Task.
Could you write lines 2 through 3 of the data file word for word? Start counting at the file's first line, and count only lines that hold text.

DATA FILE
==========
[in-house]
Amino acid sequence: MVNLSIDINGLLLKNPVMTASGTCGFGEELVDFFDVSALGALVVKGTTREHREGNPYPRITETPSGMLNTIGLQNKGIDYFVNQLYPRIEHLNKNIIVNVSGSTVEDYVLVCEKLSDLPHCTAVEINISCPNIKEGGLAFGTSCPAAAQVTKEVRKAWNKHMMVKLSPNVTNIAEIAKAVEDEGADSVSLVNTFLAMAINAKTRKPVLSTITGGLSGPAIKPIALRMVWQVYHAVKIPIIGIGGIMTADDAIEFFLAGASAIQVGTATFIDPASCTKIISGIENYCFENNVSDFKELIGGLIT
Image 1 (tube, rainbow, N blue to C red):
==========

Amino acid sequence: MVNLSIDINGLLLKNPVMTASGTCGFGEELVDFFDVSALGALVVKGTTREHREGNPYPRITETPSGMLNTIGLQNKGIDYFVNQLYPRIEHLNKNIIVNVSGSTVEDYVLVCEKLSDLPHCTAVEINISCPNIKEGGLAFGTSCPAAAQVTKEVRKAWNKHMMVKLSPNVTNIAEIAKAVEDEGADSVSLVNTFLAMAINAKTRKPVLSTITGGLSGPAIKPIALRMVWQVYHAVKIPIIGIGGIMTADDAIEFFLAGASAIQVGTATFIDPASCTKIISGIENYCFENNVSDFKELIGGLIT
Image 1 (tube, rainbow, N blue to C red):